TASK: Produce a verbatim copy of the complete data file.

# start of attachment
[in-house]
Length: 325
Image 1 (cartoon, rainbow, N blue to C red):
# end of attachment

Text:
[in-house]
Length: 325
Image 1 (cartoon, rainbow, N blue to C red):